A new DOL regulation will ratchet up the scrutiny of bundled 401(k) plan fees. You can help your plan sponsors—and potentially their plan participants—by guiding them through the pros and cons of bundled vs. unbundled services. In the process, you can also deepen your relationship with them.

Bundled services are a single company providing all 401(k) plan services including administration, recordkeeping, custody, investments, and investor education—packaged together as one fee. Traditionally these services have been positioned as one-stop shopping or 401k in a box, offering simplicity, brand names and low costs. It’s been reported that bundled services have around two-thirds of the small plan market.

The reality is bundled services have the potential for conflicts of interest with proprietary funds, soft dollars, and undisclosed fees. This makes it difficult for plan sponsors to fulfill their fiduciary duty in verifying participant costs are reasonable. As a result of these drawbacks, plan participants could suffer and plan fiduciaries might be exposed to unnecessary liability.

An alternative to bundled vendors is to separately contract with different vendors for each service. This unbundled approach typically includes a national trust company, a regional/national third-party administrator (TPA) and an independent financial advisor (FA). In spite of the advantages this model provides, explaining why three versus one service provider is a good thing can be a challenge.

Plan sponsors can fall into a comfort zone with the current vendors and fail to implement proper fiduciary safeguards. They can also be reluctant to services that seem complex when their perception of current services is that they adequate serve their needs. Anything different from a 401k in a box may seem completely unnecessary for some. Even improved fee transparency can work against unbundled services if plan sponsors have never been exposed to service fees. It’s also intuitive to think three vendors must be more expensive than one. Be prepared to help the committee develop meaningful measurements for 401(k) success.

Considering and weighing different retirement plan service options are very similar to how the company manages its regular business. Having multiple vendors competing for your services provides decision makers with valuable information that offer insight and generate cost savings. If vendors do not know how their competition is bidding, they often bid more aggressively. Unbundled vendors tend to get-it in terms of transparency and competitive pricing.

Breaking services down by vendor can also be easier to make changes. Plan sponsors do not like feeling trapped in a miserable services relationship but it happens frequently. Vendors will try to manipulate the relationship to protect them from being an expendable commodity. Often plan sponsors feel they aren’t reaching the levels of stewardship they would like to attain but the process of going through a request for proposal (RFP) process can be overwhelming. Plan sponsors are often unfamiliar with how to evaluate vendors or ascertain the true cost of services that have had little disclosure in the past.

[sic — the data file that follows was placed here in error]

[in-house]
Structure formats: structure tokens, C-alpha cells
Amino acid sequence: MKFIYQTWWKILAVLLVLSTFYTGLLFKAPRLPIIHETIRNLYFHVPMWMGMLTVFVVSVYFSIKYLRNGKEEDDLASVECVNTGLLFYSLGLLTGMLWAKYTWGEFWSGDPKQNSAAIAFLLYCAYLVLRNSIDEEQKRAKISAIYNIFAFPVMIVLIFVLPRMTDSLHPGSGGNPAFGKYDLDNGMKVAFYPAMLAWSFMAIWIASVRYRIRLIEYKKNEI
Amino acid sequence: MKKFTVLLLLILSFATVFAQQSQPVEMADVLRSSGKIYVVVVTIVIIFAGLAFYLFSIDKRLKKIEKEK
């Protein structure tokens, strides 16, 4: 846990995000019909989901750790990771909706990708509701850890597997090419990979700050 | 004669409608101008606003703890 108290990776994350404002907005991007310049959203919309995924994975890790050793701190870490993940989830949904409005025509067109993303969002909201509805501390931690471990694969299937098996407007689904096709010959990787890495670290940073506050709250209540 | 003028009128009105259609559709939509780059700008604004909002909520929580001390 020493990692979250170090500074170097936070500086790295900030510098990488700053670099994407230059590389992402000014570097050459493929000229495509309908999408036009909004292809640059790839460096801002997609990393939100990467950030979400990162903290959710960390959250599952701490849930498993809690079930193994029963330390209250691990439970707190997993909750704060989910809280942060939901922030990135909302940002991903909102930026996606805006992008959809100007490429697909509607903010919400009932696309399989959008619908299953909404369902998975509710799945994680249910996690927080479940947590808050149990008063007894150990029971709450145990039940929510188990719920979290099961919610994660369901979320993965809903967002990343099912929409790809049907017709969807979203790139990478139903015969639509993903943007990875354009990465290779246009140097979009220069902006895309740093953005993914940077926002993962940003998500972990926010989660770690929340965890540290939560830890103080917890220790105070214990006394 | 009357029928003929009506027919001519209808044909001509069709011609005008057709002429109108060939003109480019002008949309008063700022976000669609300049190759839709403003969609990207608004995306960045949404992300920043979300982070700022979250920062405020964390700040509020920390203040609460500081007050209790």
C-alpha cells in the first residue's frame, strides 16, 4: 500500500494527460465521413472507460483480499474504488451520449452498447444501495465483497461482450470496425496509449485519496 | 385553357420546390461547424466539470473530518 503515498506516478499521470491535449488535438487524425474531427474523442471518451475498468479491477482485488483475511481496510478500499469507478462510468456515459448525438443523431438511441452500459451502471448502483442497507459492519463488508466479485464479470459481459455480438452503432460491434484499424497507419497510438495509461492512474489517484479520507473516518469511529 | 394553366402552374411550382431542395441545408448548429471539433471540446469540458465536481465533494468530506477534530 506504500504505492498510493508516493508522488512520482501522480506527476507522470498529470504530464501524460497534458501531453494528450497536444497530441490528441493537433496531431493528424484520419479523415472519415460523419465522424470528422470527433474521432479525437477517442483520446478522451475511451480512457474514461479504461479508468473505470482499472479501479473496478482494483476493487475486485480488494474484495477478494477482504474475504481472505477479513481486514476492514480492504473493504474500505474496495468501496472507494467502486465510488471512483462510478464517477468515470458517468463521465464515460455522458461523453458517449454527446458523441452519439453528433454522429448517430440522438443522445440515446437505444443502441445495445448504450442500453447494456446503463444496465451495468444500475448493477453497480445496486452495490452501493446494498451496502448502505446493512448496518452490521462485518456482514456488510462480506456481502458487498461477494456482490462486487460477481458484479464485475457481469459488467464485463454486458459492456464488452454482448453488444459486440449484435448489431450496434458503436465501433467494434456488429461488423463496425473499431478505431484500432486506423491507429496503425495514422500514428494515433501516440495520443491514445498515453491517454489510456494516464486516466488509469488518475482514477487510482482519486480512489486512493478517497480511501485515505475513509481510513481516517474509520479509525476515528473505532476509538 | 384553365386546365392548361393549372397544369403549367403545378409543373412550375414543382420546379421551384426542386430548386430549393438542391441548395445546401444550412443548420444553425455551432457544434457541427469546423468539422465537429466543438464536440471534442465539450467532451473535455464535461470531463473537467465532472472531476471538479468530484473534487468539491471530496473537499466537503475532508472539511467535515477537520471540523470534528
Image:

The role of the independent FA role with 401(k) services is gaining in importance. Even the initial conversation of why unbundled services are the choice of many large plans can set in motion a robust fiduciary process. The FA who accepts a fiduciary role provides critical oversight benefits. FAs can enhance the fiduciary infrastructure of the plan and provide fiduciary assessments as well as ongoing education for the investment committee. If a plan sponsor needs assistance in selecting a new service provider, FAs often quarterback the request for proposal (RFP) process. When independent fiduciaries are brought on to assist the plan sponsor with a bundled service in place, it’s amazing how quickly vendors offer to reduce their fees.

With the new fee and fiduciary disclosures expect plan independent FA services to be in higher demand. The flexibility, competitive pricing, and commoditization of vendor services allow fiduciaries to have the control needed to manage the plan more effectively. Once the plan sponsor chooses this method they would be hard pressed to ever go back to a bundled service. Having unbundled services from a fiduciary perspective is a lot of fun as well as effective.

Bundled solutions may be hurting your clients in providing employees a chance of a financially sound retirement. In the dawn of the fiduciary standard, FAs should be wary of the 401(k) in a box and have a back-up plan if you have clients using this model. Otherwise you could open yourself to unnecessary liability or lost business. Unbundled services may be a better answer and give your clients better stewardship.

Unbundled won’t always win. Your inquiry may push down fees and inspire
more favorable terms from your bundled provider. But you can’t know the outcome unless you try it first.

But just like a bundled service, the same mistakes can occur in an unbundled service. However the pick-up in effectiveness, transparency outweigh the service risks by far.